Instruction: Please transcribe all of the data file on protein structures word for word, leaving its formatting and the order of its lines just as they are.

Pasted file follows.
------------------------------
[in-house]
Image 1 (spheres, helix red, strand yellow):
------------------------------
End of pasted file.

[in-house]
Image 1 (spheres, helix red, strand yellow):